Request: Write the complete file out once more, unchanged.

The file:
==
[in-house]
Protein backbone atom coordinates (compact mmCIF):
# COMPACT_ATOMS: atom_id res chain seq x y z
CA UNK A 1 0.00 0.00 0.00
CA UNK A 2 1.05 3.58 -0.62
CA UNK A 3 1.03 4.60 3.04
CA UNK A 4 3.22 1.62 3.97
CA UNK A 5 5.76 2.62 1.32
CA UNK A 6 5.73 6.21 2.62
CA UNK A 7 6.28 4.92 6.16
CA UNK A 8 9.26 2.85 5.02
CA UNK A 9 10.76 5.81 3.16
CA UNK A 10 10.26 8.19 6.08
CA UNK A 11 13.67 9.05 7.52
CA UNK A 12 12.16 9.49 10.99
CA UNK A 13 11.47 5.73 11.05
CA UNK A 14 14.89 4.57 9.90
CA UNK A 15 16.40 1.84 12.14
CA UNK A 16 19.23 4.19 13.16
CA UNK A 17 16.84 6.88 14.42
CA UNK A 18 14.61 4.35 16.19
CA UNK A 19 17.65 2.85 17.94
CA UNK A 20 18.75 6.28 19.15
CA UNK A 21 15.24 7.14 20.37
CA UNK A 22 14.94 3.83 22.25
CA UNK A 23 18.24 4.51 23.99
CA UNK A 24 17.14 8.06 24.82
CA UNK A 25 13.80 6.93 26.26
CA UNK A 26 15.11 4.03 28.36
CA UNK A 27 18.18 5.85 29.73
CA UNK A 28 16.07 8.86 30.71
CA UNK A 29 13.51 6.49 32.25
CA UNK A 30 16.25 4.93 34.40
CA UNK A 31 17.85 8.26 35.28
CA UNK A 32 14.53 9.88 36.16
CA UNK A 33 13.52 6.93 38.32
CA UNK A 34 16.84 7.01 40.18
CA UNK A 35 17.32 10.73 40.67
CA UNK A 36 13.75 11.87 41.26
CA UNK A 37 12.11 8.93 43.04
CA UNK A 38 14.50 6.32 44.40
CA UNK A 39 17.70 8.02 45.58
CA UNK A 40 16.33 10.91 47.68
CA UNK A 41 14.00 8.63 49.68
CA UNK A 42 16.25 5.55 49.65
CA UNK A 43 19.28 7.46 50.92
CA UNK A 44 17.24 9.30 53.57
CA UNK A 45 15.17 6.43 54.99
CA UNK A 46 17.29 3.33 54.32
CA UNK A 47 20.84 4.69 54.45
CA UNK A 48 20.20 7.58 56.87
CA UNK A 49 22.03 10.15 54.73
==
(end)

[in-house]
Protein backbone atom coordinates (compact mmCIF):
# COMPACT_ATOMS: atom_id res chain seq x y z
CA UNK A 1 0.00 0.00 0.00
CA UNK A 2 1.05 3.58 -0.62
CA UNK A 3 1.03 4.60 3.04
CA UNK A 4 3.22 1.62 3.97
CA UNK A 5 5.76 2.62 1.32
CA UNK A 6 5.73 6.21 2.62
CA UNK A 7 6.28 4.92 6.16
CA UNK A 8 9.26 2.85 5.02
CA UNK A 9 10.76 5.81 3.16
CA UNK A 10 10.26 8.19 6.08
CA UNK A 11 13.67 9.05 7.52
CA UNK A 12 12.16 9.49 10.99
CA UNK A 13 11.47 5.73 11.05
CA UNK A 14 14.89 4.57 9.90
CA UNK A 15 16.40 1.84 12.14
CA UNK A 16 19.23 4.19 13.16
CA UNK A 17 16.84 6.88 14.42
CA UNK A 18 14.61 4.35 16.19
CA UNK A 19 17.65 2.85 17.94
CA UNK A 20 18.75 6.28 19.15
CA UNK A 21 15.24 7.14 20.37
CA UNK A 22 14.94 3.83 22.25
CA UNK A 23 18.24 4.51 23.99
CA UNK A 24 17.14 8.06 24.82
CA UNK A 25 13.80 6.93 26.26
CA UNK A 26 15.11 4.03 28.36
CA UNK A 27 18.18 5.85 29.73
CA UNK A 28 16.07 8.86 30.71
CA UNK A 29 13.51 6.49 32.25
CA UNK A 30 16.25 4.93 34.40
CA UNK A 31 17.85 8.26 35.28
CA UNK A 32 14.53 9.88 36.16
CA UNK A 33 13.52 6.93 38.32
CA UNK A 34 16.84 7.01 40.18
CA UNK A 35 17.32 10.73 40.67
CA UNK A 36 13.75 11.87 41.26
CA UNK A 37 12.11 8.93 43.04
CA UNK A 38 14.50 6.32 44.40
CA UNK A 39 17.70 8.02 45.58
CA UNK A 40 16.33 10.91 47.68
CA UNK A 41 14.00 8.63 49.68
CA UNK A 42 16.25 5.55 49.65
CA UNK A 43 19.28 7.46 50.92
CA UNK A 44 17.24 9.30 53.57
CA UNK A 45 15.17 6.43 54.99
CA UNK A 46 17.29 3.33 54.32
CA UNK A 47 20.84 4.69 54.45
CA UNK A 48 20.20 7.58 56.87
CA UNK A 49 22.03 10.15 54.73